Most online instructors have taken steps to make their course materials accessible to all students, but few have experienced their course from the perspective of a student with audio, visual, or other impairment. Faculty may wonder what is it like to navigate an online course with a screen reader and ask other related questions: How do students use screen readers? Are screen readers more or less the same? Do students use screen readers and other assistive devices in the same way? What is it like for a hearing-impaired student to view a video and read a transcript? The Experience Accessibility workshop will enable instructors to enter a student's perspective as they navigate a learning management system and negotiate assignments with a disability. Instructors will hear the student's thinking on the best strategy to use to find their course, how to find their place in that course, and how to complete its assignments.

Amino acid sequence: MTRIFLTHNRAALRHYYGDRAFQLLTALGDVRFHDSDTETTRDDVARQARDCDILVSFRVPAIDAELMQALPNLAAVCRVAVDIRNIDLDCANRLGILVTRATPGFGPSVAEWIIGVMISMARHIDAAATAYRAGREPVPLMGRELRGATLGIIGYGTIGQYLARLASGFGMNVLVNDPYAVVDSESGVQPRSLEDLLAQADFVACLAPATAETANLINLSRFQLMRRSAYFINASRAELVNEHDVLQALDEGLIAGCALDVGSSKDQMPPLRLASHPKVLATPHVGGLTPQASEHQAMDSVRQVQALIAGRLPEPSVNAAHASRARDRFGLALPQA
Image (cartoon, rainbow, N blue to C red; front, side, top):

Finally, in an effort to help instructors be more savvy consumers of online learning interactions offered by publishers and websites, the workshop will conclude with the analysis of an accessible learning interaction and a demonstration of the ingredients and considerations that go into making learning activities both interactive and accessible. List three obstacles that visually impaired students experience when navigating learning management systems and engaging with course content. List three obstacles that hearing-impaired students experience when navigating learning management systems and engaging with course content. Describe how visually impaired students use assistive technology. List the considerations that go into making learning activities both interactive and accessible.
Topic Area(s): Accessible & Inclusive Technologies
Kristin Jorenby is the director of the Center for Accessibility Resources at Metropolitan State University. Ms. Jorenby received her bachelor of Human Services Disability Studies degree with a minor in Psychology from Metropolitan State University. Ms. Jorenby also has a Master of Public Policy degree from the Hubert H. Humphrey School of Public Affairs.